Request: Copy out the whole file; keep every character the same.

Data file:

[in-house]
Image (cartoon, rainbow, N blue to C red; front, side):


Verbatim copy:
[in-house]
Image (cartoon, rainbow, N blue to C red; front, side):